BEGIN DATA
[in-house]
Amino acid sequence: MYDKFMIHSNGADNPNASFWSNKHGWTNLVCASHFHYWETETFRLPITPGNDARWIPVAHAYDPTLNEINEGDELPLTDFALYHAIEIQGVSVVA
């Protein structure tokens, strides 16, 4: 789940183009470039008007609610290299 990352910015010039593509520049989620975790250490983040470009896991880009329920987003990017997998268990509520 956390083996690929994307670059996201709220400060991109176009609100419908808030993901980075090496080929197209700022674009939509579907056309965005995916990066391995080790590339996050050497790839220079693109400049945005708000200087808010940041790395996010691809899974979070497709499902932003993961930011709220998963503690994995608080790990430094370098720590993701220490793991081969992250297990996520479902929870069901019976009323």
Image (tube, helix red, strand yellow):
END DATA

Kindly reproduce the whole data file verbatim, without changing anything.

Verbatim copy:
[in-house]
Amino acid sequence: MYDKFMIHSNGADNPNASFWSNKHGWTNLVCASHFHYWETETFRLPITPGNDARWIPVAHAYDPTLNEINEGDELPLTDFALYHAIEIQGVSVVA
């Protein structure tokens, strides 16, 4: 789940183009470039008007609610290299 990352910015010039593509520049989620975790250490983040470009896991880009329920987003990017997998268990509520 956390083996690929994307670059996201709220400060991109176009609100419908808030993901980075090496080929197209700022674009939509579907056309965005995916990066391995080790590339996050050497790839220079693109400049945005708000200087808010940041790395996010691809899974979070497709499902932003993961930011709220998963503690994995608080790990430094370098720590993701220490793991081969992250297990996520479902929870069901019976009323």
Image (tube, helix red, strand yellow):